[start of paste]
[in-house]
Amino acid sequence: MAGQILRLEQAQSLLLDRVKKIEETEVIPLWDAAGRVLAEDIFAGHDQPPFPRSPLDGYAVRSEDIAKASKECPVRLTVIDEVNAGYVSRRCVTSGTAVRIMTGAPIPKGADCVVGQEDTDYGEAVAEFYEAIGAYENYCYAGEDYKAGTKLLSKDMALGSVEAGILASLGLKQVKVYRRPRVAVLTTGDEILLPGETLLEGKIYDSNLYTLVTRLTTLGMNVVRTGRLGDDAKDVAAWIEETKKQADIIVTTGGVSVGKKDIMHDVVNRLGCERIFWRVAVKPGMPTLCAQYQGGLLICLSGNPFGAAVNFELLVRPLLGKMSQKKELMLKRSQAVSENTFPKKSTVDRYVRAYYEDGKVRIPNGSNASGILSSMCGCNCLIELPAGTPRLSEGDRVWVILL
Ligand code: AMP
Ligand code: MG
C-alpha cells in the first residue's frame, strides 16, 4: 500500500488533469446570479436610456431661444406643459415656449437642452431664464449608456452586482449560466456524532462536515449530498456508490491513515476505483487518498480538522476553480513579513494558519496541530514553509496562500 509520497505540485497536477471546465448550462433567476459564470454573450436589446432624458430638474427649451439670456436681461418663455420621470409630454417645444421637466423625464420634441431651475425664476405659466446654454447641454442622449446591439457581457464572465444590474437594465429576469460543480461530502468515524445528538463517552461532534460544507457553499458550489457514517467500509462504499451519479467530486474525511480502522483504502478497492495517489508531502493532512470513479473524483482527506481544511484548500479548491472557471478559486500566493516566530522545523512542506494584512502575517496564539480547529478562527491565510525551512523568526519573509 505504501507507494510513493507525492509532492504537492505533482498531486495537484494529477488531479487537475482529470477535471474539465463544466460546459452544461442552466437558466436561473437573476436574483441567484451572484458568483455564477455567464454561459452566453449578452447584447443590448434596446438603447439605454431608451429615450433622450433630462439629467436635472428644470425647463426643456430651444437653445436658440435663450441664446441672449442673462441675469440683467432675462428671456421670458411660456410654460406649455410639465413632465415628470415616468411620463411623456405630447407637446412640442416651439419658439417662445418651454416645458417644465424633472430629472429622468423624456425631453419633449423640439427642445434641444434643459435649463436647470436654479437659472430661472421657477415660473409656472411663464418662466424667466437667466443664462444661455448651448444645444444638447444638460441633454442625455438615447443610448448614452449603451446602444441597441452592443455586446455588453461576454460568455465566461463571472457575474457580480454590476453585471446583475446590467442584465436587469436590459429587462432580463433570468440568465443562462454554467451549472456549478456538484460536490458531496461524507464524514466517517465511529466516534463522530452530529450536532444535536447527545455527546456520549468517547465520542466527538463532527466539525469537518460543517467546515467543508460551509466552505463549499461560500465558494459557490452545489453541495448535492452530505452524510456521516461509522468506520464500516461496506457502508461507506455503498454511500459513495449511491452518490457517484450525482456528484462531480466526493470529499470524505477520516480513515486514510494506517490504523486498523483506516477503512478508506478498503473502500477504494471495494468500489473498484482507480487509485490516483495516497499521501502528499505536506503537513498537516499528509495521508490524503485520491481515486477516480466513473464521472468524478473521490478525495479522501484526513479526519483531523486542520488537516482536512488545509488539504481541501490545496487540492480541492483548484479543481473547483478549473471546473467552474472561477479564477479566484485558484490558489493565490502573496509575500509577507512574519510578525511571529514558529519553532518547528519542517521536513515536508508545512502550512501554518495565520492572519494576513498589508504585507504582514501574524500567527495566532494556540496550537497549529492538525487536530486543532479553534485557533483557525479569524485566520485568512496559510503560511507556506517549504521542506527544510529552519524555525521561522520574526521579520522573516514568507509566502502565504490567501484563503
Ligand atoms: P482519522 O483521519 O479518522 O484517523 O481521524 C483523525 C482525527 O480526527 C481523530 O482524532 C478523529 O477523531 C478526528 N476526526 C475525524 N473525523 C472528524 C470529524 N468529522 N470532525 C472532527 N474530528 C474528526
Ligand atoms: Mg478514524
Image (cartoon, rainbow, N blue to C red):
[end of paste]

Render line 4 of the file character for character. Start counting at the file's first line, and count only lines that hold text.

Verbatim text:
Ligand code: MG